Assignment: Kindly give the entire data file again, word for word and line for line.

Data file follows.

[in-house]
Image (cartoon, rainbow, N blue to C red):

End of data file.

[in-house]
Image (cartoon, rainbow, N blue to C red):